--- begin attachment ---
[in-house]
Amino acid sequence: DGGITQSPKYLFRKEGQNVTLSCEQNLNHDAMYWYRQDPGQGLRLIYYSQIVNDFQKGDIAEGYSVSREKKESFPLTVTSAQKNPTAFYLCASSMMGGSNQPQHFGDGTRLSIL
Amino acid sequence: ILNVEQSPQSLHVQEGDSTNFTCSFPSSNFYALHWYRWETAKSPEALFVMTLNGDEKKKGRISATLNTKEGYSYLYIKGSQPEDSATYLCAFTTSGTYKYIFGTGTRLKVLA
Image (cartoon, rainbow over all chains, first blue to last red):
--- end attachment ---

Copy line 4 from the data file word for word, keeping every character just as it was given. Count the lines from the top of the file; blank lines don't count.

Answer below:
Image (cartoon, rainbow over all chains, first blue to last red):